Liz Gannes

Recent Posts by Liz Gannes

Can a Spot on Apple's Top App List Be Bought? Welcome to Cross-Selling!

Can a spot on Apple’s top iPhone app list be bought? Is there a price per head that mobile apps must pay to get users?

The answer seems to be an unequivocal yes, especially for free gaming apps. These days, companies pay to market their apps like any entertainment property would, but it’s extremely transactional, with a specific dollar amount for every new user paid to companies like Tapjoy and Flurry.

NetworkEffect spent some time recently with app developers and distribution companies to get a sense of how this all works and how much it costs. They say it’s crucial, especially for free mobile games, to pay to jumpstart an app’s launch with paid users and get momentum to bring in users organically–perhaps even more important than building a good app that people like.

Everyone from small start-ups to large game studios are paying tens of thousands of dollars per day to get their apps in front of users. One VC called the services “crack for app developers,” with apps that stop paying and fall down the charts going through severe withdrawal.

The top app distributor is Tapjoy. Tapjoy has an interesting turnaround story–it was formerly known as Offerpal, which was at the center of the “Scamville” scandal in late 2009.

After scathing coverage on TechCrunch for its practice of getting users to sign up for deceptive offers in order to buy virtual goods in Facebook games, Offerpal and similar businesses were largely stamped out of Facebook.

Offerpal bought mobile app monetization provider Tapjoy last year, changed its business to primarily mobile gaming apps, and adopted its acquisition’s name. I recently spoke with Tapjoy CEO Mihir Shah, who was fresh off raising $21 million from Rho Ventures and other investors (he joined the company in late 2009, and is its third CEO since the Scamville controversy broke).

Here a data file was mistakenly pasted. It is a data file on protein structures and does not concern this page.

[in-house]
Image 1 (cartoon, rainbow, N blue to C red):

Shah said Tapjoy is “very profitable,” with a run rate of more than $100 million. His company has 50 percent market share among all free apps, Shah said, and nearly 100 percent market share for apps that use virtual currency. Big customers include DeNA, Zynga, Disney and Glu.

Tapjoy inserts itself in the virtual goods marketplaces within apps. So instead of paying a few virtual coins to buy a virtual hat or something, a user could earn currency for installing a promoted app. App developers pay 35 to 75 cents for every free app install. And paid apps usually pay Tapjoy 50 to 75 percent of what they charge for their app, said Shah.

Many of the apps monetize those installs by getting users to pay for virtual goods by in turn installing other people’s apps. Of course, Tapjoy gets a cut of that too.

This cross-selling strategy is used by highly reputable apps. In the screenshot above you can see Tapjoy placements for top brands like Google Mobile, Groupon, and Zynga’s Words With Friends.

Launching an iOS app on Tapjoy costs $30,000 to $500,000 (Android is cheaper), according to Shah (pictured at left).